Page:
Lessons from a Mousehole
Two years ago I moved to the charming fishing village of Mousehole in West Cornwall, England. I knew from the start there was something different, when I was on the bus one day from Penzance. I had miscalculated in that it was the school bus, which I usually avoid wherever I am due to past encounters with feral kids in London and other places. This time, however, I was in for a surprise. The first thing was that the kids were not in cliques, they all talked to each other across the usual divides of age or class. Secondly, they weren’t talking about computers, television or any of the subjects I tend to overhear. They were discussing what time high tide was, what the waves were like, temperature etc. That evening I could hear from my apartment yells and shouts. I went for a walk and there at the harbour mouth, as the sun was setting, I saw loads of kids gathered in their wetsuits, plunging into the water. The youngest were being overseen by the oldest and were leaping into the harbour, but the oldest were climbing onto the tall harbour walls and diving into the sea outside. It was a stunning sight, as they stood silhouetted against the setting sun before braving the waters beneath; and the sense of camaraderie between all of them quite apparent. Walking along the harbour front, I encountered a young girl of about six years old, totally unaccompanied. I had never met her before, but dauntless she looked at me, and said ‘I think I’m going in tonight.’ ‘It’s a bit cold, isn’t it?’ i asked. ‘Yes, but I really want to do it.’ And we walked on in our separate directions.
This latter experience may horrify parents and carers everywhere, that a child can be left alone to wander the village like that; they may even be concerned that the other kids were plunging into the sea unsupervised – what would Health and Safety say? – but it is indicative of the very strength of the community here, that there is such a sense of trust and relaxation – qualities sadly missing in most of the places I find myself working in. So what did Mousehole get right, and how?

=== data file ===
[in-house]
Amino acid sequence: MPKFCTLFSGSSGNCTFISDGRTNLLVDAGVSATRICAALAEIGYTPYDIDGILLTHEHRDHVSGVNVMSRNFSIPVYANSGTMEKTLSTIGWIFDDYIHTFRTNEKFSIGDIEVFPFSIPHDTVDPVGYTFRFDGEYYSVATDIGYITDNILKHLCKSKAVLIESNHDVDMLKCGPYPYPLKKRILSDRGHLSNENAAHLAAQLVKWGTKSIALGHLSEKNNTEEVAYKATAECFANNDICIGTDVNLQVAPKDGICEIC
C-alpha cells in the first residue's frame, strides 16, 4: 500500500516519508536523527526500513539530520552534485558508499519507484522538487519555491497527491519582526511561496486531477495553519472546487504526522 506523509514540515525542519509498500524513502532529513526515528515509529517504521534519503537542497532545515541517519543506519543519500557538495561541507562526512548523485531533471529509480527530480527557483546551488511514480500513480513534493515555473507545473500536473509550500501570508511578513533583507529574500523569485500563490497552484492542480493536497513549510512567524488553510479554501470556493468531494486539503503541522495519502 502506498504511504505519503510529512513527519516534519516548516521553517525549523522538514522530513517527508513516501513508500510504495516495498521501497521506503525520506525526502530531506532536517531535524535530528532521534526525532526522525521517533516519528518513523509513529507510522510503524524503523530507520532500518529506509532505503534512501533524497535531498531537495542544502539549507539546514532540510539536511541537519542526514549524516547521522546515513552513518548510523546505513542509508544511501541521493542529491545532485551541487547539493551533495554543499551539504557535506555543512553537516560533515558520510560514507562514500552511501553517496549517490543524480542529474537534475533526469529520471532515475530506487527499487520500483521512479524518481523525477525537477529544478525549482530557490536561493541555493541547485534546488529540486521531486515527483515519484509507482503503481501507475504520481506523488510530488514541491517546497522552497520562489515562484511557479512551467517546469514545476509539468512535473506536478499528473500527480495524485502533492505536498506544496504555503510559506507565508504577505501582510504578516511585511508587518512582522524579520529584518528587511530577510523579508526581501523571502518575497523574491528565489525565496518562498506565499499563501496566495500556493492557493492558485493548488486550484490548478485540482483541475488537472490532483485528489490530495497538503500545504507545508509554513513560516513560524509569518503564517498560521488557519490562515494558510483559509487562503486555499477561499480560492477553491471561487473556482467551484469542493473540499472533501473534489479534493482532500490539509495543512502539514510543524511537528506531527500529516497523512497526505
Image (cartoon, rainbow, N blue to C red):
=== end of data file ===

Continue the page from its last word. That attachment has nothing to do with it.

A bit of background first. It’s commonly stated that the village’s name comes from the nearby cave or the tiny harbour entrance, so small it’s like a mouse hole; but actually the Cornish pronunciation is ‘Mowzil’, and the older spelling ‘Moeshayle’ means ‘Young Women’s River or Estuary’. It had a strong link with Phoenician traders, whose path between the tin mines and their ships, is still remembered today south of the village. 1595 might be its most famous date, still remembered by ‘Spaniard’s Point’ also south of the village, when four Spanish galleys parked in the bay and fired heated cannonballs into the cottages, razing them to the ground. Two of my neighbours still have the cannonball that originally wrecked their house, as if the walls were rebuilt around it! Centuries later, during the Blitz , children from an East End Jewish school in London were sent to live in Mousehole. One lady actually remembered this from her childhood, and told me they were fascinated as children by these new arrivals, so cocky and self-assured, so different from how they’d been brought up in the West Country. This latter anecdote is significant in that it indicates just how rich in diversity this place can be, which is really the point of this paragraph – the wealth of history and experience exhibited in such a tiny area. Today, fishermen and tradespeople live next door to artists and writers, and there is a constant influx of visitors, adding to the colour.